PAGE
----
Well-socialized cats are more likely to have well-socialized kittens. Kittens respond to their mothers' calm or fearful attitude toward people. Although feeding time is important, it's also vital to include petting, talking and playing in order to build good people-skills in your kitten.
Kittens are usually weaned at six or seven weeks, but may continue to suckle for comfort as their mother gradually leaves them more and more. Orphaned kittens, or those weaned too soon, are more likely to exhibit inappropriate suckling behaviors later in life. Ideally, kittens should stay with their littermates (or other role-model cats) for at least 12 weeks.
Kittens orphaned or separated from their mother and/or littermates too early often fail to develop appropriate social skills, such as learning how to send and receive signals, what an inhibited bite means, how far to go in play-wrestling and so forth. Play is important for kittens because it increases their physical coordination, social skills and learning limits. By interacting with their mother and littermates kittens learn how to be a cat, as well as explore the ranking process (who's in charge).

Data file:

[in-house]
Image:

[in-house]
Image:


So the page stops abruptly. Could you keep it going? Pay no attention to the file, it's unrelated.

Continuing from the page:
Kittens who are handled 15 to 40 minutes a day during the first seven weeks are more likely to develop larger brains. They're more exploratory, more playful and are better learners. Skills not acquired during the first eight weeks may be lost forever. While these stages are important and fairly consistent, a cat's mind remains receptive to new experiences and lessons well beyond kitten-hood. Most cats are still kittens, in mind and body, through the first two years.
The following chart provides general guidelines for the stages of development.
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